New Year’s Day I finished off the last of the mince pies and nuts.  I did not go to the  Watch Night service, but I thought  I would have liked to have gone when I was getting into bed – it being a rather unique Watch Night service in time of War.

Epiphany today (1). The Colonel of the 6th South Staffs read the Gospel as the lesson.  Hymns were again lovely and the chaps round me sang very well. I tried and I must say something like a mellow fog horn proceeded from the lower regions of my throat.

Our Chaplain gave us another good sermon telling us to keep a good resolution, following from the text from the Creed – ‘The resurrection of the dead and the life everlasting’.  Soldiers, some of them, think that there is only one life – the earthly one  – & they make the best of it by selfish pleasure etc & think that death will end it all & all will be just the same as ever.  He mentioned about self-sacrifice & V.Cs etc to explain that there are worse things than death.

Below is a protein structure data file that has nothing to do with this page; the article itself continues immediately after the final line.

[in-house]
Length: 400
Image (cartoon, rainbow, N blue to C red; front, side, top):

I believe it was on New Year’s Day that I turned back to days gone by I mean that  I re-read all the old familiar letters from home, for I have saved some just the same as you have, & even carried them from place to place on removing.

How very pleasant it seemed reading Mother’s writing about Oct & Nov. especially one telling me what each of you were doing one Sunday evening –  Ida at the piano, Basil writing to us,and Dad reading the news of that old & famous soldier. I like to keep & read letters for another reason.  I often find something in that needed answering & I neglected the answer.

Yes, I rummaged amongst the little pileI could tell quite easily each of your hand writing, Mother’s large hand appearing through the thin paper,  Ida’sswanky” thick hand, &  what appeared to be just a plain sheet of paper for Basil’s,  because he writes generally in pencil & I can tell Harold’s small & sprawly yet neat hand.

Basil’s letter, by the by, still retains the smell of the handkerchief which was wrapped up in it. No, not one of your letters ever grow stale, all of them can stand reading again.